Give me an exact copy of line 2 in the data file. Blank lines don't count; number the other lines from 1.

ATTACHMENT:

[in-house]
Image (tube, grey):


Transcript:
Image (tube, grey):